What were some of your favorite discoveries in the research process?
My single favorite thing I found out about Ann was that, in the 1960s, she wrote an 18-volume history of the world and recorded an audiobook of it. She called it Historical Digest. Her goal was to market it to universities as a teaching aid. Either it no longer exists or I have yet to find it. But I love that she very earnestly embarked upon this project.
Did Dvorak have any experience in academia before she became an actress?
Absolutely none, which is probably why nobody took [the history] seriously. Ann didn’t have a formal education, and I think she was trying to compensate for that her entire life. She educated herself, became multilingual; I think she wanted to be ingrained in the world of academia, even though she never could be.
One of my favorite places to research is at the Warner Brothers Archive at the University of Southern California. All of their legal files and production files are there, so I went many times. That’s my advice to anybody wanting to write a biography of a classic Hollywood star: pick somebody who worked for Warner Brothers, because there’s so much [archival] material. It was great to see the inner workings of the studio, the correspondence that the executives would send back and forth. . . . You can get a real inside education into how the studio system worked, just from those archives.
I work at the central library in downtown Los Angeles, and we have [archives of] all of the local newspapers on microfilm. It was interesting to see to see how all these papers, each of which had its own gossip columnist, would cover different things—and how much of an impact the press had [in the 1930s].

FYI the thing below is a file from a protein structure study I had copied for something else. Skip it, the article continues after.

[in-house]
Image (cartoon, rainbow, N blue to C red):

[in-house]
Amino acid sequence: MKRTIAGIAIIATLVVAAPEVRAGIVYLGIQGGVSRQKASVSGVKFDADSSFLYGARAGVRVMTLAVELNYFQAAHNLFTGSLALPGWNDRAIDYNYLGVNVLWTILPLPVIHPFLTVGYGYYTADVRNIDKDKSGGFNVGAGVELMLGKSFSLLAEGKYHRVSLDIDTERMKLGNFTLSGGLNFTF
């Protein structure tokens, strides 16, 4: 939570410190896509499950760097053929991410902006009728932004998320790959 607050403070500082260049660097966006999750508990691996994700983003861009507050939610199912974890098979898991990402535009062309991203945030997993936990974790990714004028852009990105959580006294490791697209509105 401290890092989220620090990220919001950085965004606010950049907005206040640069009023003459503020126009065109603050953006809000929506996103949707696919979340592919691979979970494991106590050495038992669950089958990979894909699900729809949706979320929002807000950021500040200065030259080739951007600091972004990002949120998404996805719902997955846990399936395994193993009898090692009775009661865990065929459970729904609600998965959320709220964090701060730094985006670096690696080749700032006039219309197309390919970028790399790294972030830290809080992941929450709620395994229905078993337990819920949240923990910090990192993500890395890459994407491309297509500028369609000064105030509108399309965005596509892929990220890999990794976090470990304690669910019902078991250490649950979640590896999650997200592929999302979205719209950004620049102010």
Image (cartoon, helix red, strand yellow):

Gossip columnists could be really invasive in that era. I believe new laws were put in place as a result of this, to place certain limits on the paparazzi.
The thing about Ann Dvorak, though, is that she wasn’t that scandalous of a person. I never really encountered salacious gossip on her. She was more quirky than scandalous. For instance, she studied bacteriology for a while. Each year on her birthday, Leslie Fenton would buy her a higher-powered microscope. She also made her own hats—in the 1937 Warner Brothers film She’s No Lady, she actually got to display some of them. At one point she tried to market jewelry—she designed something called the “curfew bracelet,” which had chimes that would ring at midnight. She had a greenhouse and got really into horticulture, submitting flowers to the local flower shows. She bought a walnut ranch—at one point they were going to market “Ann Dvorak Walnuts,” with her face on the jar, but unfortunately that never happened.
What would you consider her last great role?
Her last major performance was in her second-to-last film, I Was an American Spy. It was [produced by] Allied Artists, so it was a very low-budget film. It’s based on the exploits of a real woman named Claire Phillips, who was in the Philippines when World War II broke out. She owned a nightclub, became a spy for the Allied forces; got captured by the Japanese, who tortured her and sentenced her to death—but the camp she was in got liberated before she could be executed. It was one of Ann’s only starring roles. Not a great film, but enjoyable enough.
Getting back to the pre-Code films for which she’s best known, what would you say makes her work so distinctive in movies like Three on a Match and ‘G’ Men?
In Three on a Match, she goes, in the course of an hour, from being this sophisticated, high-society woman to a shriveling mess of a drug addict. She just allowed herself to look like hell, like Bette Davis did in Of Human Bondage. There’s this desperation and intensity to her that’s very convincing, even on a physical level. You don’t see that often in Hollywood films, particularly at that time. Her screen presence was just very unexpected.